Brad Means: Do you have any authority, as a judge, to take their phones away?

Judge Doug Flanagan: Sure.

Brad Means: Really? Tell me how that works.

Judge Doug Flanagan: Well, you know, we get ’em to come into court if they have some issues that involve the phone. Part of the punishment we get, is we can take their, we can take their driver’s license away, if they’re driving. We can take their freedom away, you know. We have the ability, if they’re real bad, to actually put them in some kind of confinement, at the YDC. But, take their cell phones away? Yes. We can take their cell phones away. When we talk at the schools, the first thing we tell these children and young adults, we ask ’em to raise their hands, how many people have their own cell phone. It’s usually about 80%.

Brad Means: I bet.

Judge Doug Flanagan: And then we tell ’em that’s good news. The bad news is, it’s not your cell phone. It’s your parents’ cell phone.

Brad Means: Yeah, they don’t get that.

Judge Doug Flanagan: You don’t own it, the parents paid for it, it’s your parents’ cell phone. We have actually people come in that have gotten in physical altercations with their parents, when their parents have tried to take their phone.

Brad Means: Let’s stay on this for a while. And if it takes the whole broadcast, so be it, because I think this is what we’re all struggling with. The use of cell phones, and the use of social media, which we’ll get into in just a minute, but, why do you think kids are so fearless when it comes to using their phones for whatever means, whether it’s bullying, like Judge Flanagan mentioned, or whether it’s sexting, or, for some other improper means. Do they think they’re anonymous? Do they think they’re hiding behind the phone?

Margaret Tutt-Adams: I really think they do, and the fact is, it’s not a face-to-face. So you can hide behind the phone, say what you want to say, and send all kinds of pictures, and thinking that you’re not gonna get caught. They don’t understand, because of their immaturity, that, just because you delete something, it does not fade away. It’s there, and with the proper mechanism, you can pull up anything that you’ve already tried to delete.

Brad Means: Yeah, you make a very interesting point, and I’ve tried to preach this at home, Judge. Is an image, or is a text ever deleted?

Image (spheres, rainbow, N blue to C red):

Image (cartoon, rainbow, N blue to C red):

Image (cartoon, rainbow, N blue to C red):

Judge Doug Flanagan: It’s out there, and people can get it.

Margaret Tutt-Adams: It’s out there somewhere.

Judge Doug Flanagan: And I tell some of these young adults, you know, they see their phone as freedom, just like you would if you’re a teenager wanting to drive. You can drive away from the house, and do stuff that your parents might not be able to see, if you have a set of wheels and a driver’s license. At a younger age, they see their cell phone as freedom. They can look up stuff they want on the internet. They can text each other. They can take X-rated pictures. They can sex text, and a lot of times they don’t think that anybody will ever know, they think it’s anonymous. As adults, we know it’s not anonymous.

Brad Means: How does that stuff come to light? Do you get a forensics team to take the phone apart, and say see, I told you the image was here.

Judge Doug Flanagan: Well the sheriff’s department in all the counties are capable of basically, getting into most phones. And I’ve seen a lot of pictures, and I tell them, some of them, with the pictures I see, if you can’t show the picture on your phone to your grandmother, you probably don’t need to take it.

Brad Means: When does it become a crime, if, your child receives a naked picture from a friend, when, for your child, I understand that the guy who sent it is in trouble. When does it become a crime for the recipient?

Judge Doug Flanagan: Well, the recipient is not a crime, if they were to delete it, but if they try to send it on, and try to show it to everybody, we have a lot of young ladies, send pictures to their boyfriends when they’re inappropriately dressed.

Brad Means: Yep.

Judge Doug Flanagan: And of course, they’re boys. First thing they’re gonna do with the picture is, when they’re at school, show it to all their friends, and say, hey! Look at my girlfriend, doesn’t she look good? They think they’re being proud of their girlfriend. They don’t understand that the young lady has entrusted with them, something personal, when she sent that picture to her boyfriend. Even though it’s inappropriate, she thinks he’s not going to show it to anybody.